In Galatians 5:22-23, Paul gives us a list of the fruit of God’s Spirit. Notice that it is fruit and not fruits. In other words, all the moral character traits listed in those two verses are organically united to each other, and ought to be understood as aspects of each other in one organic whole. I would submit to you that one of the proper ways to read that list is to recognize that it is another way of Paul describing love. In other words, that we might as easily put a colon after love rather than a comma, and recognize that Paul is saying that the fruit of God’s Spirit is love and it manifests itself in joy, peace, patience, kindness, goodness, faithfulness, gentleness, and self-control.
According to The Beatles, love is all you need. Of course, you won’t actually learn anything about love from their vapid lyrics, yet we need to learn about love, if we are to know God, and live glorifying him and blessing others.
Unquestionably, 1Corinthians 13 is the text that readily comes to mind when we think of love. There, Paul speaks of the preeminence of love as the greatest human character trait or virtue; greater than faith or hope. It should go without saying that for Paul faith, hope and love are understood in accordance with all of God’s written revelation. It is faith and hope in God, and the love of him of which Paul speaks. Along the way, he delineates what love is. It is patient and kind, does not envy or boast, is not arrogant or rude, does not insist on its own, is not irritable or resentful, does not rejoice at wrongdoing, but rejoices in the truth, as well as bears, believes, hopes and endures all things. These affirmations, however, have to be understood within other texts that Paul also wrote in Romans 13:8 and Galatians 5:22-23.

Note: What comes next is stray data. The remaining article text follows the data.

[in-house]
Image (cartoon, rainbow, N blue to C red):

In Romans 13:8 we read, “Owe no one anything except to love each other, for the one who loves another has fulfilled the law.” The law of which Paul wrote was the Ten Commandments and we know this because in the next verses Paul lists the commandments not to commit adultery, murder, theft and coveting. He concludes that section by writing, “Love does no wrong to a neighbor; therefore, love is the fulfilling of the law.” Neither the Old Testament nor the New teach that obedience to God’s law is unnecessary, as if all that matter was our sincerity, or what we thought was a good effort at obeying God.